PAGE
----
The three days before Tuesday, May 15, 2001, were typical for 16-year-old Kasey Hone.

He went bowling with a friend on Saturday night.

On Sunday, Mother's Day, he attended church, visited an elderly woman with a church leader and went to his grandparents' home per family tradition.

Monday evening he helped his family plant flowers for Payson city, went out for ice cream and fertilized the lawn.

But on Tuesday, after school and dinner, while the rest of his family was gone, Kasey Hone locked himself in his room, turned on some heavy metal music and fired a bullet into his head.

A note read, "Don't blame anyone but me."

Loneliness is a mug

A long hour of loneliness

Is an empty mug of cocoa.

Once full and warm

Now empty and cold

And dark at the bottom.

Where are all my friends

To share a warm drink?

Their gone out to play

On this cold winter day.

It's dark.

Kasey Hone

Greg Hudnall has known many Kasey Hones. Too many. In his 20 years as an educator, the Provo School District student services director tearfully estimates there have been some 50 funerals for Provo students who killed themselves. He has attended at least 20 and spoken at several.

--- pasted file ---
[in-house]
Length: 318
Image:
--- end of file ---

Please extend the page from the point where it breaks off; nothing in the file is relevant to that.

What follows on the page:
"We don't want to lose another child in our community," he said.

That desire helped spur Utah County's first coordinated suicide-prevention

program last fall. Using the acronym for hold on, persuade, empower, the HOPE task force held its first public meeting in January and will put on a daylong conference on April 12 at Brigham Young University. Rick Birkel, executive director of the National Alliance for the Mentally Ill, will be the keynote speaker.

The Provo School District and Provo city started the project but soon expanded it countywide with help from more than 30 sponsors, including churches, state agencies and civic groups.

"Some would say, 'Is this a problem in Provo? Is this a problem in Utah? Is this a problem in America?' " said Provo Mayor Lewis Billings. "Yes it is."

Nine students, including one elementary-schooler in the Provo district, one of the Wasatch Front's smallest, committed suicide over the past five years. Another 300 tried.

Utah County's suicide rate for 10- to 19-year-olds over the three-year period from 1999 to 2001 is about the same as the statewide rate, according to statistics gleaned from the Utah Department of Health database.